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Grants & Spending
Teaching at a top-ranked high school in SF
He has been a teacher at Lo High School - a top-ranked high school in San Francisco - for over 20 years.
Hey Lesley can I borrow a dollar?
Here you go.
Thanks, I appreciate. I’ll get that back to you.
Hey there, in episode 12 here, we are going to talk about public policy. And specifically, we are going to talk about how the federal government gets its money, and how they spend its money. We are going to track where the money goes. At the end of this episode, you should know terms debt and deficit and the difference between the two. You should also know about entitlements and discretionary spending. Those are the kind of things that you’ll often see on advanced placement exam. So let’s get started, I hope you are good at math.
Can you read that number? The first one on top? That’s right its 9 trillion dollars. 9 trillion dollars is about the amount of money that this country owes as of today, at the end of July in 2008. It’s the greatest debt in human history on this day. And guess what? Tomorrow that debt will be even greater.
So who do we owe this money to? Maybe it’s to people like you and me. You ever invest in a savings bond or a T-bill. Grandparents love that stuff. But more likely, its owed to somebody who is investing in the United States. After all, we are a pretty good investment. Maybe its people from Japan or China or some place in the Middle East.
Can you read the number on the bottom now? I’m sure you can. That’s about 3 trillion dollars. That’s about the amount of money that president Bush submitted in his budget to congress, as the amount of money we would spend this year. The only problem with that is that, we only took in from the tax payers about 2.6 trillion dollars.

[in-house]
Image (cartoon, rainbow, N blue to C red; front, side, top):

So where is the other 400 billion dollars go? I guess that’s pretty easy. Sometimes the government, just like folks can borrow its of money. Let’s just say that when you finished college and you took out hefty college loan, you might have to start paying it back. And that’s where interest payments come in. And our government is no different than it is for you.
Here’s Lesley’s dollar. We are going to figure out where all that money goes. But the first thing that we are going to do, in order to remain sovereign, is to pay our debts. Our debts amount to about 10% of that annual budget, about 300 billion dollars this year. So what we are going to do is pay our debts, because that’s what good citizens do. There it is, okay we paid our debts.
But now we’ve only got about 90 percent of our dollar to spend on the American people. Where is the rest of that money going to go? Debts and deficits, outlays and expenditures.
Outlays is money going out. Expenditures, money that were spending. We are going to go with entitlements and discretionary spending.
Entitlements are primarily in two specific areas. The first one, social security. You know your grandparents get social security. At age 62 if you take a little less, and age 65. It wasn’t always meant to be a retirement security. But in 1935, when social security came into fare, it could pay for itself. No longer is that the case. We spend about 21 cents out of every dollar on social security. So let’s give the people over 65 their due.
We still got about 70 cents of that dollar to spend out on the rest of the needs for the American people. But that social security is clearly an entitlement. Another entitlement, and the largest expenditure that we have in our federal government, is in Medicare and Medicaid. Taking care of people in terms of their health needs, especially senior citizens. We are going to spend about 31 cents in our dollar this year. And now, my goodness we have less than 50 cents left. And we haven’t spent a nickel of anyone other than senior citizens, and on the interest payment. 46 cents of that dollar is left. My goodness! Where is the rest of it going to go?